How much time and resources do organisations typically spend explaining changes to ways of working rather than announcing changes to the organisation’s structure?
It’s universally agreed that to get people to change their behaviours on a sustainable basis, winning their hearts and minds is equally important as just sharing the logical arguments (if not more so). But how often is this thinking applied to the restructuring process in organisations?
Consider the following scenario. Does it sound familiar?
As part of its annual planning process, fictional company Made-up Ltd, has decided to set a strategic priority for the year ahead to reduce operating costs.
The new strategic priority is announced at Made-up’s annual conference to its top 100. Directors are tasked with reviewing their current ways of working (including their employee headcount and team structure) and identifying where savings could be made.
Following the annual conference, the procurement director holds a planning meeting with his senior team to discuss the new strategic priority and review their ways of working to identify the savings.
After lots of discussion and debate, the procurement senior team decides that the way the department is structured isn’t aligned to the new goals and priorities. They believe there are lots of opportunities to save money in the way various business sectors are engaging with suppliers.
Currently, different parts of the organisation deal with a different buyer depending on the goods or services they are tendering for. The senior team’s idea is that a better approach would be to introduce ‘business relationship managers’, meaning each business division will only deal with one dedicated person for all their procurement needs as a type of ‘account manager’. The new business relationship managers will deal with the specialist buyers on the business’ behalf. The senior team’s thinking is that the new business relationship managers will become trusted experts in the different needs of the business sector and will be able to identify and recommend opportunities to reduce procurement costs further.
This proposal is taken to the operating board and gets the go-ahead to proceed for implementation (with a pat on the back for creative thinking).
The senior team then approaches the HR department for help in how to implement the new structure and advice on the right approach. One of the HR advisors is assigned to them and a meeting to discuss implementing the new restructure is arranged.
Ahead of the meeting, the HR advisor does his homework and compares the existing structure with the new proposed structure, noting where he believes individuals will be affected by the changes and will need to be consulted with.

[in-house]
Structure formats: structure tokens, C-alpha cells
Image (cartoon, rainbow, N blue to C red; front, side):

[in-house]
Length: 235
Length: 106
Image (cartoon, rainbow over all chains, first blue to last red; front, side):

At the meeting the HR advisor presents his view of how the proposed structure will affect the department’s employees. He recommends that the procurement director first presents the proposed new structure to the whole team, before following up with all affected individuals to explain in detail how their role will be changed. He recommends this is done through 1-2-1 meetings with their immediate line manager and HR.
The procurement director duly schedules a meeting with the whole procurement team to unveil the new structure and explain how the restructuring process will be managed. 1-2-1 meetings with all affected individuals follow, with many moving into new ‘business relationship manager’ roles.
Now, reflect on the scenario described here.
How much time and effort was spent determining and implementing the new structure? We can assume the time was given at the annual conference for the senior leaders to discuss and debate the new strategic priority and to shape how it should be implemented. Equally the senior procurement team were given the time (and mandate) to consider how best to implement the target. But what about the people ultimately affected by the structure changes? They weren’t involved at all – the end result of this process was simply announced to them.
Given that the individuals in the procurement team are those most affected by the changes, wouldn’t it have been better to provide some opportunities for them to shape the final structure? After all, often it’s the operational people who know their role best and have the knowledge to identify the best opportunities for improvement.
And what about what the new structure means for day-to-day processes? Where was the time to consider how the new structure would change these?
To truly change the way the procurement team operate (and ultimately deliver the cost savings), surely a change in the hearts and minds of the people taking the new roles is needed too?
Did the account from Made-up ltd sound familiar to you? How do you ensure that real change is delivered rather than shuffling people around and simply changing their title?
We’ve recently worked with one of our clients to do just that. We created a suite of workshop tools that ask participants to review processes and explore how they should behave differently in a range of scenarios.